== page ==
Sources of heat are primarily threefold. First, ambient heat due to the operation of the vehicle in hot climates. Second, resistive or I2R heating on charge and discharge, where I represents the current flowing into or out of the battery and R is the resistance of the battery. Third, a tremendous amount of heat is generated during overcharge due to gas recombination.
While the above parameters are generally common to all electrical battery systems, they are particularly important to nickel-metal hydride battery systems. This is because Ni—MH has such a high specific energy and the charge and discharge currents are also high. For example, to charge a lead-acid battery in one hour, a current of 35 Amps may be used while recharge of a Ni—MH battery may utilize 100 Amps for the same one-hour recharge. Second, because Ni—MH has an exceptional energy density (i.e. the energy is stored very compactly) heat dissipation is more difficult than lead-acid batteries. This is because the surface-area to volume ratio is much smaller than lead-acid, which means that while the heat being generated is 2.5-times greater for Ni—MH batteries than for lead acid, the heat dissipation surface is reduced.
The following illustrative example is useful in understanding the thermal management problems faced when designing Ni—MH battery packs for electric vehicles. In U.S. Pat. No. 5,378,555 to General Motors (herein incorporated by reference), an electric vehicle battery pack using lead acid batteries is described. The battery pack system, utilizing lead-acid batteries, has a capacity of about 13 kWh, weighs about 800 pounds, and has a vehicle range of about 90 miles. By replacing the lead-acid battery pack by an Ovonic battery pack of the same size, the capacity is increased to 35 kWh and vehicle range is extended to about 250 miles. One implication of this comparison is that in a 15 minute recharge, the power supplied to the Ni—MH battery pack is 2.7 times greater than that supplied to the lead-acid battery pack, with its commensurate added heat. However, the situation is somewhat different during discharge. To power a vehicle on the highway at constant speed, the current draw upon the battery is the same whether it is a Ni—MH battery or a lead-acid battery (or any other power source for that matter). Essentially the electric motor which drives the vehicle does not know or care where it gets the energy or what type of battery supplies the power. The difference between the heating of the Ni—MH battery and the lead-acid battery upon discharge is the length of discharge. That is, since the Ni—MH battery will drive the vehicle 2.7 times farther than the lead-acid, it has a much longer time before it has a chance to “cool-off”.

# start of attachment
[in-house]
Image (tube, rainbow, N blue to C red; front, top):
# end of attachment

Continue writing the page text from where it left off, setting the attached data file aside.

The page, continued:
Further, while the heat generated during charging and discharging Ni—MH batteries is normally not a problem in small consumer batteries or even in larger batteries when they are used singly for a limited period of time, large batteries that serve as a continual power source, particularly when more than one is used in series or in parallel, such as in a satellite or an electric vehicle, do generate sufficient heat on charging and discharging to affect the ultimate performance of the battery modules or battery pack systems.